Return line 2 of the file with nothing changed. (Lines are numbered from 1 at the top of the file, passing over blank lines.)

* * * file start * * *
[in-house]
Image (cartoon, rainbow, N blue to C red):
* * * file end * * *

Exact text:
Image (cartoon, rainbow, N blue to C red):